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Periodical Literature, Holland

Periodical Literature (Holland)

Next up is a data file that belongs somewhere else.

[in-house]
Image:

Towards the end of the eighteenth century the grinding oppression, under which the Catholic Faith in the Northern Netherlands had laboured so long, began to grow less marked, and the Catholics, upon whose printing-presses the Government had always kept a vigilant eye, now ventured to assert themselves more in public life and even to issue periodicals in order to proclaim and uphold their religious principles. The first attempt was on a most modest scale and appeared under the title of "Kerkelijke Bibliotheek" (6 vols., 1794-96), followed by the "Mengelingen voor Roomsch-Catholijken" (5 vols., 1807-14), edited by Prof. J. Schrant, Rev. J. W. A. Muller, and Prof. J. H. Lexius. But the man who inspired Catholic periodical literature with life and vigour and brought it to comparative perfection was Joachim George le Sage ten Broek (died 1847), a convert from Protestantism (1806) and known in Holland as the "Father of the Roman Catholic Press". In 1818 he founded "De Godsdienstvriend" (102 vols., 1818-69), containing articles of local interest, recent ecclesiastical intelligence, and especially moderate polemics against Protestant and Liberal pretensions, by which he united the efforts of the Catholics in their struggle for emancipation. Assisted by his adopted son, Josué Witz, Le Sage displayed a great and wonderful energy not only in his books, but also in several serials, edited by him or at least with his collaboration, viz., the works of the "R. Cath. Maatschappy" (1821-2), suppressed in 1823, the "R. Kath. Bibliotheek" (6 vols., 1821-6), the "Godsdienstige en zedekundige mengelingen" (1824-8), the "Bijdragen tot de Godsdienstvriend" (2 vols., 1824-7), "De Ultramontaan" (5 vols., 1826-30) with its sequels, "De Morgenstar" (2 vols., 1831-2) and "De Morgenstar der toekernst" (7 vols., 1832-5), finally, "De Correspondent" (3 vols., 1833-4) continued later by Josué Witz in the "Catholijke Nederlandsche Stemmen" (22 vols., 1835-56), appearing under the title of "Kerkelijke Courant" from 1857 till 1873. Besides this in 1844 Witz started a popular magazine, "Uitspanningslectuur" (40 vols., 1844-52). In the mean time other serials were published in the Catholic interest, viz., "Minerva" (6 vols., 1818-20), continued in "De Katholijke" (3 vols., 1822-4), "Katholikon" (3 vols., 1828-30), "De Christelijke Mentor" (2 vols., 1828-9), "Magazijn voor R.-Katholieken" (9 vols., 1835-45), and "Godsdienstig, geschied-en letterkundig Tijdschrift" (2 vols., 1838-39), but none of these survived. A new generation of Catholic writers soon arose, by whom the struggle for emancipation was continued on a more scientific basis.